Town pursuing roadway changes

  • Tuesday, May 13, 2014

Provided The Town Public Works Committee is pursuing adding a mid-block crosswalk to downtown Summerville, at the intersection of E. 2nd South Street and S. Main Street. This schematic, which shows the location of the proposed crosswalk, is being sent to SCDOT for approval.

Crosswalks, truck restrictions and possible median beautification will be coming soon to Summerville roads, the Town Public Works Committee discussed last week.

On May 7 the group discussed adding crosswalks on S. Main Street near Town Hall.

The proposed crosswalk would be installed mid-block, near the intersection of S. Main and E. 2nd South Street.

The Department of Transportation (SCDOT) has to approve the crosswalk placement, but Director of Public Works Russ Cornette said the town has a “decent shot of getting approved” because of the high pedestrian traffic in the area on Saturdays for the Farmers’ Market.

The committee members expressed concern for public safety and whether the crosswalk would help or hinder it.

Town Councilman Bob Jackson said the crosswalk is a concern for him because there will be no traffic control efforts, such as a stop sign or traffic light, installed with it. “Drivers are not expecting pedestrians to walk out in the middle of the block,” he said.

Cornette had similar concerns: “I don’t want to create a false sense of security for pedestrians that a white line will save their life because it’s not.”

But the committee chairman, Councilman Terry Jenkins, said the similar crosswalk on E. Richardson Ave. can be used as an example.

“We have one there and by and large motorists abide by it.”

A schematic has been sent to SCDOT with details of the proposed crosswalk. Once approved, the Town can move forward with its installation.

Related to traffic, the committee also discussed adding truck restrictions on certain roads in the historic district.

After recently making S. Magnolia and S. Gum streets prohibited to thru-trucks, the Public Works Department looked for other streets to add to the list, Cornette said. In the process, which consisted of monitoring complaints from residents, Marion Avenue and Richardson Avenue were both identified as historic streets that could be added to the ordinance.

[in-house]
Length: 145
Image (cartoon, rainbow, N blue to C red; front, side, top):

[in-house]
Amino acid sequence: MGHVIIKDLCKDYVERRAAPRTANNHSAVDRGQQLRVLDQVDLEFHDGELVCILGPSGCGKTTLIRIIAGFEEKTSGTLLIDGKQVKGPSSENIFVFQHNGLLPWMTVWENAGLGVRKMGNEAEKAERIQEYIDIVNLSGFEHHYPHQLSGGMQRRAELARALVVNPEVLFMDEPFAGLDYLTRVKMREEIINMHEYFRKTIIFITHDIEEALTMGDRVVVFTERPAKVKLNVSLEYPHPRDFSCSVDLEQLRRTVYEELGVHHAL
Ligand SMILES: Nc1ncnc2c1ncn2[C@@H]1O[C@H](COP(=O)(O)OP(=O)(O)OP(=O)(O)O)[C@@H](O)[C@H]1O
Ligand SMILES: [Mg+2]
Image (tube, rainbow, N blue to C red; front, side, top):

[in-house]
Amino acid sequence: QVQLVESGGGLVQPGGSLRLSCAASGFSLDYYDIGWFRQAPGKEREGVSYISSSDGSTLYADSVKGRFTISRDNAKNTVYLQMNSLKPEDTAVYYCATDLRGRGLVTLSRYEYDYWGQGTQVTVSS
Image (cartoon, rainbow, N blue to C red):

On a motion by Councilman Bill McIntosh the committee voted to recommend first reading of adding the streets to the truck restriction ordinance.

Also related to road construction, Councilwoman Kima Garten-Schmidt brought to the committee’s attention the possibility of installing and beautifying medians along Bacons Bridge Road as the roadway is reconstructed.

“My residents are just so concerned it’s going to look like Trolley Road when it’s done and they don’t want it to look like Trolley,” she said.

Currently in the SCDOT construction plan there is a center turning lane, also known as a suicide lane, on the length of the road. The councilwoman asked Cornette if there could be any areas identified where medians with trees could be updated or created to add more curb appeal to the project.

Cornette said there are sections in the right-of-way on the road exterior that plants and landscaping could be added, and he wasn’t sure how much of the plan and finances could be changed now that the project is approved and underway.

Councilman Jackson, whose district includes Old Trolley Road, agreed with the idea to install medians and suggested the Town pursue the changes.

“I just think we as a town should have a little more of an input,” Councilwoman Garten-Schmidt said.

The committee adjourned after agreeing the Public Works Department will investigate making the suggested changes.

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